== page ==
Monday November 6, 2017
Michael McDonald with special guest Marc Cohn
Two notes. That’s all it takes to recognize the voice of MICHAEL MCDONALD. Distinctive and soulful, it is one of the most yearningly emotive instruments of our times. To this add formidable songwriting and keyboard skills, and you have an artist who has been a singular musical presence for four decades. From ‘70s-era Doobie Brothers classics such as “What A Fool Believes” and solo hits like “I Keep Forgettin’” through two highly-acclaimed Motown albums, genre-busting guest spots and innovative concept shows, the five-time Grammy Award winning McDonald is both timeless and ever-evolving.
Beyond his music, McDonald has long been an active humanitarian. He has lent his talents and energies to many causes and benefits, including MusiCares, the National Council of Alcoholism and Drug Abuse, the 7UP Grammy Signature Schools Program and was part of a star-studded lineup at Kokua For Japan, a concert that raised $1.6 million for tsunami relief.
After moving from his hometown of St. Louis to Los Angeles in the early ‘70s, McDonald honed his talent as a session musician and singer before being invited to join Steely Dan. Over the course of four classic albums, from Katy Lied to Gaucho, McDonald became an integral part of the group’s sound, singing background vocals on FM staples like “Black Friday” and “Peg.”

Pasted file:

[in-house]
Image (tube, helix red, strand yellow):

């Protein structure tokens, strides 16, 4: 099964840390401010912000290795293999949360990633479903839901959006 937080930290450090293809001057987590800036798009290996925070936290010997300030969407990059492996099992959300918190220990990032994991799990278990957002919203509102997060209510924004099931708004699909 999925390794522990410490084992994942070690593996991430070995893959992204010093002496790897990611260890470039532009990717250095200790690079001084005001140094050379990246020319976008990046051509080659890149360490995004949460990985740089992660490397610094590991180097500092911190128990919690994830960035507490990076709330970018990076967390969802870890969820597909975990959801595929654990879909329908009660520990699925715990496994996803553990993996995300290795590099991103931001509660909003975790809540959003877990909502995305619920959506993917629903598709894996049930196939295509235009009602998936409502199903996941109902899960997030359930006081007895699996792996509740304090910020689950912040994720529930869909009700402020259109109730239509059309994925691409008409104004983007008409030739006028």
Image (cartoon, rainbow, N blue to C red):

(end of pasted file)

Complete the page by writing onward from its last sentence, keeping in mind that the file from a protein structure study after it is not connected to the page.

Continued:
In the mid-‘70s, McDonald joined The Doobie Brothers, helping the band redefine their funky R & B sound as a singer, keyboardist and songwriter on such Top 40 singles as “Takin’ It To The Streets,” “It Keeps You Runnin’,” “Minute By Minute” and “What A Fool Believes.”
His distinct vocal style also made him one of the world’s most sought-after session singers. Beyond his hits with The Doobies, McDonald has lent his voice to records by an A-Z of artists, including Ray Charles, Aretha Franklin, Elton John, Joni Mitchell, Vince Gill and Grizzly Bear. During the ‘80s and ‘90s, his solo career zoomed from success to success on the wings of evergreen hits like “Sweet Freedom,” “On My Own” (a duet with Patti LaBelle) and the Grammy-winning duet with James Ingram “Yah Mo B There.”
Continuing to explore new vistas, McDonald released his Grammy-nominated, platinum-selling pair of Motown albums in 2003. Then in 2005, he partnered with Hallmark for a special Christmas album, Through The Many Winters, which sold 500,000 copies in its first two weeks.
In 2008 McDonald released the acclaimed crossover album Soul Speak (which hit three different charts simultaneously), and in 2011 received an honary doctorate from Berklee School of Music. Recently he and co-horts Donald Fagen and Boz Scaggs an 11-piece soul supergroup who tour as The Dukes Of September, released their first live DVD. McDonald continues to tour extensively as a solo artist, with symphonies, altruistic events and plans to tour this summer with Toto.